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Obama ‘wasting billions’ on gun control

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Sheriff vows to uphold Constitution, says proposed legislation won’t solve firearms issue

By Ben Carlson

President Obama’s executive orders and proposed legislation to control guns will waste billions of taxpayer dollars and do little to prevent further tragedies such as the one in Connecticut, according to Anderson County Sheriff Troy Young.
Young shared his thoughts on gun control during an interview with The Anderson News last Friday afternoon, just days after Obama’s release of a month-long study on the issue following the murder of more than two dozen children and adults at an elementary school in Connecticut.
During the interview, Young commented on Obama’s proposed legislation that would ban military-style rifles and high-capacity ammunition magazines, saying that it’s premature to know exactly what, if any, restrictions will be placed on what has become the centerpiece of the debate about gun ownership.
“We can what-if this to death,” said Young. “As of right now the law has not changed from what it was yesterday, but am I going to uphold the Constitution? Absolutely.”
Obama’s executive orders are largely centered on widening the net on national background checks and establishing various task forces to study gun violence.
Young said Obama falls short, however, in ensuring that guns don’t fall into the hands of those who should not have them.
“Someone can get out of a mental hospital and walk right around the corner and buy a firearm at a yard sale,” Young said. “You can go to a flea market or the 127 Yard Sale and purchase a gun. I think we need to monitor the sale of weapons to keep them out of the wrong hands, because a lot of the people we deal with don’t need guns in their hands.”
The problem, he said, is that little of what Obama has already signed into law will accomplish that.
“What we really need is better communication between all agencies,” Young said. “I don’t really see that [in what Obama has signed]. “One of the things [he signed] is a national safe responsible gun ownership program, which is going to spend a lot of money to do something the NRA and gun clubs already do, and something law-abiding, responsible citizens already do.
“I don’t think too many criminals are going to sign up for that campaign.
“He’s also spending billions for safety standards for gun locks and safes, but what in the world will that do for your avid hunters and those who are already responsible and very educated about their firearms? It’s going to be a waste of money.”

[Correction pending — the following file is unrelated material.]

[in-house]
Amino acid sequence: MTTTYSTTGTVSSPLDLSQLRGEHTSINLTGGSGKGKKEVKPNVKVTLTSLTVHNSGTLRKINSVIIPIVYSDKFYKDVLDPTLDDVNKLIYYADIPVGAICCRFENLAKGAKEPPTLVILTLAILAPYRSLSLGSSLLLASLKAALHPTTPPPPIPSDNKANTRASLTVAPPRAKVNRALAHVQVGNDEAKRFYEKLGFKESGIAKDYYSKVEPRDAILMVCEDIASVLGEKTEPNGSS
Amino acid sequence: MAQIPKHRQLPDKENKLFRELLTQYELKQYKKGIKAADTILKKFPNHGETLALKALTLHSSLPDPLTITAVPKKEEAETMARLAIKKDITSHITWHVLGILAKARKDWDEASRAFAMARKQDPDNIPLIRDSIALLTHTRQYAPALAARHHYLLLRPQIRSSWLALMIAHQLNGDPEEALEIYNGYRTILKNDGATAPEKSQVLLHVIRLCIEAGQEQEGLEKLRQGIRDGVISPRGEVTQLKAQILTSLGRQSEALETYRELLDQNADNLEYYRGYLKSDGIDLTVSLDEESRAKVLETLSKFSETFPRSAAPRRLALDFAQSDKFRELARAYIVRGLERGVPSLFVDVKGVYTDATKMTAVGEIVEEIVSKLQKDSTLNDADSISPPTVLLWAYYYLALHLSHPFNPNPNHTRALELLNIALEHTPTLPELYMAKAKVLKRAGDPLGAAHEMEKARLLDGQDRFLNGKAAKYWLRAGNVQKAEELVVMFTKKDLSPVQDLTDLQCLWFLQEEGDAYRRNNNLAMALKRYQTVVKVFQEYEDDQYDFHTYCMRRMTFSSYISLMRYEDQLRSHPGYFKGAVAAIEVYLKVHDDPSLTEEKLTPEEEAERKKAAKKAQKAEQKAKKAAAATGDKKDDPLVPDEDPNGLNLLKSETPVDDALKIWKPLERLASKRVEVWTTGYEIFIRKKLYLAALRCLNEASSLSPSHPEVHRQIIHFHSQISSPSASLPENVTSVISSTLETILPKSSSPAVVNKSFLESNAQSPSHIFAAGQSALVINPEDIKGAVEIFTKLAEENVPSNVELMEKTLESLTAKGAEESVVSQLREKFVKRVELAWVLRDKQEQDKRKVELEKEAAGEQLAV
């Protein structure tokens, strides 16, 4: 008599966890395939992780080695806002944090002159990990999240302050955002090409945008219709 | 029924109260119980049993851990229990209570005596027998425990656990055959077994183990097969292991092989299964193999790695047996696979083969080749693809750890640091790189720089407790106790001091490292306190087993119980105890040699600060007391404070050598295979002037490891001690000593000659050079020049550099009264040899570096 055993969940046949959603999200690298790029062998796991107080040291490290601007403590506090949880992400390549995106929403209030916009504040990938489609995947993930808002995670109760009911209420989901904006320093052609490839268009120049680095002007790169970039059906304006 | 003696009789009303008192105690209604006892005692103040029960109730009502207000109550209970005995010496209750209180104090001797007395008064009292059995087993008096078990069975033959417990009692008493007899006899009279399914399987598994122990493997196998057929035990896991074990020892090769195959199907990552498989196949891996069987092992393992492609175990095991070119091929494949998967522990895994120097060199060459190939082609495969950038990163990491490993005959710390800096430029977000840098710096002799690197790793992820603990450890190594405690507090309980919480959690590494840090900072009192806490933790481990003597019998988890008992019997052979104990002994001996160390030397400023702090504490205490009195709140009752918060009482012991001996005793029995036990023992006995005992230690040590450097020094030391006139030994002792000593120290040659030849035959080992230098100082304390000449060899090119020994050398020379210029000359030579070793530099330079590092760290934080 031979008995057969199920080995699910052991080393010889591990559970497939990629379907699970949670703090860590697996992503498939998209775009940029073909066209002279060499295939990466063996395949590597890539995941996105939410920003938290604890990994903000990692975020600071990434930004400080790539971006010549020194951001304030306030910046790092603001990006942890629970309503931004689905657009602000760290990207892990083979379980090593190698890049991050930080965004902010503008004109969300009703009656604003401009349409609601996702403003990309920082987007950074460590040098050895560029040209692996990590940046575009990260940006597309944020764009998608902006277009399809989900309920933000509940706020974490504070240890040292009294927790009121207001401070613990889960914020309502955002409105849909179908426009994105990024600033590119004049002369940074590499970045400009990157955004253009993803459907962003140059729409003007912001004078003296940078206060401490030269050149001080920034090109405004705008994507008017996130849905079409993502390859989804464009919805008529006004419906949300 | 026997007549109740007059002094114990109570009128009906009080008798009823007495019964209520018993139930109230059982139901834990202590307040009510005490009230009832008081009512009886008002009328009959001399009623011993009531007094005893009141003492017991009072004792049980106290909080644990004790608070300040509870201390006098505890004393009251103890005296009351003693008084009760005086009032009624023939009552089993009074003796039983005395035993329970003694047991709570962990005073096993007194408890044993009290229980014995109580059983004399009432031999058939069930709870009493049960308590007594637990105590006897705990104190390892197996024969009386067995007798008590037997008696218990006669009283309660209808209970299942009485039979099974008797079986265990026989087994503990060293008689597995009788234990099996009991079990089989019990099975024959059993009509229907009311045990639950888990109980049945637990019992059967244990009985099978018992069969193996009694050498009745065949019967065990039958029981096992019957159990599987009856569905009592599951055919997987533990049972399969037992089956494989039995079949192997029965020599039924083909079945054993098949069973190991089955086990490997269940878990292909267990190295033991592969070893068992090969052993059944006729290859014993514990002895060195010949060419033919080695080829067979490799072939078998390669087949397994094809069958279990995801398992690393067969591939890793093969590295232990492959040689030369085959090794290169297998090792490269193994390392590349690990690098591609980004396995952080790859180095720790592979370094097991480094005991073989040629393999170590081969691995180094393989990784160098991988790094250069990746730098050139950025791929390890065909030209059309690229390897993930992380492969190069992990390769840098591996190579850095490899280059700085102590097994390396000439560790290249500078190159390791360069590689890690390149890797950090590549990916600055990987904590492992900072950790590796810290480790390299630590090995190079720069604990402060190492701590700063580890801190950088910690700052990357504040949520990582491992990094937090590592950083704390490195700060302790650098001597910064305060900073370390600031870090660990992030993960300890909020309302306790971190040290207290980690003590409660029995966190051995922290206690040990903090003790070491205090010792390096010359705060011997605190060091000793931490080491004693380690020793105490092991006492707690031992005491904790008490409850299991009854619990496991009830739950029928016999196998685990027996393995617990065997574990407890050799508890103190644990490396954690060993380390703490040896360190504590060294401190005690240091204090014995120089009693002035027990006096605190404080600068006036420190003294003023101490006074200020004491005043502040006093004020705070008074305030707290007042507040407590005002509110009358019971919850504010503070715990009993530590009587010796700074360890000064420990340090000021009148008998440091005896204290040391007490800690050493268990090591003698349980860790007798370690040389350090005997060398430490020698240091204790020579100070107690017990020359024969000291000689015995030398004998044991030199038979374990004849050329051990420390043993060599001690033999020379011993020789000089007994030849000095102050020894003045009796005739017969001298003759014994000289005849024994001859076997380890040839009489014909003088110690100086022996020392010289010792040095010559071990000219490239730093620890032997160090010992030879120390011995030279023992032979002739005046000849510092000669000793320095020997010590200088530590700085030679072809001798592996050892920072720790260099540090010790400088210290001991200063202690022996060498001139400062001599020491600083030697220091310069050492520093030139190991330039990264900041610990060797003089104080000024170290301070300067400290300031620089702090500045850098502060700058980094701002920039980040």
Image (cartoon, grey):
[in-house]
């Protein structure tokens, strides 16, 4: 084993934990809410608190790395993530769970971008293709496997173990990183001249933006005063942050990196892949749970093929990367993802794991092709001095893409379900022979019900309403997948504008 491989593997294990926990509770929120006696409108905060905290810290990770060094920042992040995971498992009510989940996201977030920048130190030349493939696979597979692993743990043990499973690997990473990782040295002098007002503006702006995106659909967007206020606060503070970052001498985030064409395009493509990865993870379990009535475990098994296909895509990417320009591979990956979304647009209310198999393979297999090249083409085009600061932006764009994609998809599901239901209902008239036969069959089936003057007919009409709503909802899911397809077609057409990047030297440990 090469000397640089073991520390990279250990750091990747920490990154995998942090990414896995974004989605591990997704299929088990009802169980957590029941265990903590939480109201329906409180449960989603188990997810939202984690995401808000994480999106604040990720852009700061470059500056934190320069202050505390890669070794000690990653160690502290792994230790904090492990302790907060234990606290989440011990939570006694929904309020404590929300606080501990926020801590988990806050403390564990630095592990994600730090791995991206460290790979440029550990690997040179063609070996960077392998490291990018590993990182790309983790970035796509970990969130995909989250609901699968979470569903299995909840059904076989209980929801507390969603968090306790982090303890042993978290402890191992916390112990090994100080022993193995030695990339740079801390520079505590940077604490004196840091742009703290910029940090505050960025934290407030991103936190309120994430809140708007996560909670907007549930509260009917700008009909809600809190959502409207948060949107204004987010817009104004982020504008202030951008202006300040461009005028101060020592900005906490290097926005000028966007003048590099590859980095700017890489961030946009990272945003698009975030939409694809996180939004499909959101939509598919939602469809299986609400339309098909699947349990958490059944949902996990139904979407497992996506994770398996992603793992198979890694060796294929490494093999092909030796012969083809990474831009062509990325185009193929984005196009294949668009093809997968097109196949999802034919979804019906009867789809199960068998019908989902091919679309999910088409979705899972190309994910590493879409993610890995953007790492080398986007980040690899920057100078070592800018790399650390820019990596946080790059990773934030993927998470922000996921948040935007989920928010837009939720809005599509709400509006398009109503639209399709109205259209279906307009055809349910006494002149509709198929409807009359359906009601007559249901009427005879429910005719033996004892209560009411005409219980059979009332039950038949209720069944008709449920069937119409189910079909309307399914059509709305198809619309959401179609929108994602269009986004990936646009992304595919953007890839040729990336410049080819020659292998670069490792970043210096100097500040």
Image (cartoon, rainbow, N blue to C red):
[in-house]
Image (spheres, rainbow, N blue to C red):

Young said rather than use billions for those types of programs, the money would be better spent ensuring schools are made more secure by enhancing a program he and the Lawrenceburg Police Department already have in place.
“There are a few things here that will help, including providing incentives for school resource officers,” Young said. “We’re ahead of the game on that and we’ve been advocating for that for years.”
Two police officers — a deputy and city officer — are currently assigned to protect the county’s six public school buildings.
Young said he doesn’t agree with some of what is being done in other states such as New York, which recently approved a ban on military-style rifles, high-capacity magazines and a host of other gun-related items.
Even if such legislation were to be enacted on a national level, Young said he doubts it will ever get to the point where those types of firearms will be confiscated, particularly in Kentucky.
“That’s not going to happen,” he said. “From what I’ve seen proposed, there is no talk of confiscating someone’s .38 from the nightstand or grandpa’s shotgun. There’s no way that will happen and people won’t allow that to happen.
“There’s already too many guns in the system for that to happen. It’s impossible.”
Young said a previous, less restrictive federal ban on those types of firearms expired a year before he took office in 2005.
“I don’t remember that affecting us too much,” he said, adding that during his 28 years in law enforcement he cannot recall a single crime here that involved a military-style rifle. “I don’t recall any controversy over that.”
Young pointed out that nothing currently being proposed federally includes confiscating firearms of any kind from law-abiding citizens.
He said his office has, by court order, confiscated firearms in the past, including some Chinese AK-47s, along with firearms owned by people facing drug and other charges.
“What we want to do is help solve the problem, not be the problem. We need to be talking to our senators and representative and have our voices be heard, and information sharing will go a long way to help prevent violence.”
Here, Young said, his focus is on protecting the rights and safety of Anderson County residents.
“We’re trying to stay ahead of the game, and making sure we are sharing information within the local law enforcement community,” he said.
“As far as us taking care of our own county, that’s our number one priority.”